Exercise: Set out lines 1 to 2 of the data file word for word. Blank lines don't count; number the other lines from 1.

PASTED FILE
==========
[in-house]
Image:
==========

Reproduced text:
[in-house]
Image: